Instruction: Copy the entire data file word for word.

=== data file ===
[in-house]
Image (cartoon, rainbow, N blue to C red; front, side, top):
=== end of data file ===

[in-house]
Image (cartoon, rainbow, N blue to C red; front, side, top):